In the Acknowledgements section of this book, British neurosurgeon Dr. Henry Marsh starts with this sentiment: “I hope that my patients and colleagues will forgive me for writing this book.” Why would this be? As a physician, I found his many stories of serious illness, tragic consequences of surgery, and ethical dilemmas profound and not unlike many American hospital stories of illness and suffering. However, as a layperson, I think that the most significant conclusion I would make from reading Dr. Marsh’s stories is that one should never have a neurosurgical procedure done. The brutal honesty of his thoughts and the mistakes that occurred during his surgeries can be quite eye opening and frightening.
The title of each chapter consists of a neurosurgical disease or a medical word, such as Aneurysm, Carcinoma, or Infarct, which sums up the main story and lesson of the section. We encounter an executive with a very rare pineal gland tumor whose surgery is delayed while a pathologist is in another part of the hospital. We also read the sad story of a woman in her forties with metastatic breast cancer whose family was not told of her grave condition after a brain biopsy.
Beyond patient cases, Dr. Marsh expounds upon the time consuming bureaucracy of medicine: finding empty hospital beds for sick patients to be admitted into, trying to remember a zillion passwords for the electronic medical record, and getting parking tickets by hospital security for coming in for emergency cases. We learn how the National Health Service (NHS), the single payer health care system in the U.K., discusses whether or not expensive treatments will be covered since Dr. Marsh sits on the panel that reviews scientific data and costs. We understand the frustration of what it must be like to be training the next generation of doctors under work-hour time constraints and how difficult it is to balance good patient care with teaching junior doctors complicated procedures.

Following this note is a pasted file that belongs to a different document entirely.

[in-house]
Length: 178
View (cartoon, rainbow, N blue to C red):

Dr. Marsh’s own experience as a patient who undergoes retinal surgery and then also surgery for a broken leg illustrate the difficulties of being a patient who has too much knowledge of the medical system. He is brutally honest in his rantings on the shortcomings of hospitals and procedural mistakes. To his credit, he spends extraordinary effort traveling to the Ukraine to operate on patients with brain tumors that could not receive medical care in their home country. He even brings two patients to London for their surgeries, one being an impoverished twelve year old girl with an extremely large brain cancer.
Both inspiring and discouraging in its explicit descriptions of neurosurgical cases, Do No Harm will help the reader get a realistic view of many of the difficult issues in modern day medicine.